DIGESTER, n.

    1. He that digests or disposes in order.NWAD DIGESTER.2

    2. One who digests his food.NWAD DIGESTER.3

    3. A medicine or article of food that aids digestion, or strengthens the digestive power of the stomach.NWAD DIGESTER.4

    4. A strong vessel contrived by Papin, in which to boil bony substances with a strong heat, and reduce them to a fluid state, or in general, to increase the solvent power of water.NWAD DIGESTER.5

    DIGESTIBILITY, n. The quality of being digestible.

    DIGESTIBLE, a. Capable of being digested.

    DIGESTING, ppr. Arranging in due order, or under proper heads; dissolving and preparing for circulation in the stomach; softening and preparing by heat; disposing for practice; disposing to generate pus; brooking; reducing by heat to a fluid state.

    DIGESTION, n. [L.]

    1. The conversion of food into chyme, or the process of dissolving aliment in the stomach and preparing it for circulation and nourishment. A good digestion is essential to health.NWAD DIGESTION.2

    2. In chemistry, the operation of exposing bodies to a gentle heat, to prepare them for some action on each other; or the slow action of a solvent on any substance.NWAD DIGESTION.3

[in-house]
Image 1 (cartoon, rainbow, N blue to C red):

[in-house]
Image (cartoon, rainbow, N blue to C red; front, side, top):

3. The act of methodizing and reducing to order; the maturation of a design.NWAD DIGESTION.4

    4. The process of maturing an ulcer or wound, and disposing it to generate pus; or the generation of matter.NWAD DIGESTION.5

    5. The process of dissolution and preparation of substances for manure, as in compost.NWAD DIGESTION.6


    1. Having the power to cause digestion in the stomach; as a digestive preparation or medicine.NWAD DIGESTIVE.2

    2. Capable of softening and preparing by heat.NWAD DIGESTIVE.3

    3. Methodizing; reducing to order; as digestive thought.NWAD DIGESTIVE.4

    4. Causing maturation in wounds or ulcers.NWAD DIGESTIVE.5

    5. Dissolving.NWAD DIGESTIVE.6


    1. In medicine, any preparation or medicine which increases the tone of the stomach, and aids digestion; a stomachic; a corroborant.NWAD DIGESTIVE.8

    2. In surgery, an application which ripens an ulcer or wound, or disposes it to suppurate.NWAD DIGESTIVE.9

    Digestive salt, the muriate of potash.NWAD DIGESTIVE.10

    DIGESTURE, n. Concoction; digestion. [Little used.]

    DIGGED, pret. and pp. of dig.

    DIGGER, n. One who digs; one who opens, throws up and breaks the earth; one who opens a well, pit, trench or ditch.

    DIGHT, v.t. dite. [L.] To prepare; to put in order; hence, to dress, or put on; to array; to adorn. [Obsolete, or used only in poetry.]

    DIGIT, n. [L., a finger, that is, a shoot; Gr.]

    1. The measure of a fingers breadth, or three fourths of an inch.NWAD DIGIT.2

    2. The twelfth part of the diameter of the sun or moon; a term used to express the quantity of an eclipse; as, an eclipse of six digits is one which hides one half of the disk.NWAD DIGIT.3